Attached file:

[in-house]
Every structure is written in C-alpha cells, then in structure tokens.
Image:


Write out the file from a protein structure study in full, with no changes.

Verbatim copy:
[in-house]
Every structure is written in C-alpha cells, then in structure tokens.
Image: